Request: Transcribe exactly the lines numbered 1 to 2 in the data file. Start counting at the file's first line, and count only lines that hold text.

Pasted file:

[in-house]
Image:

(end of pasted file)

[in-house]
Image: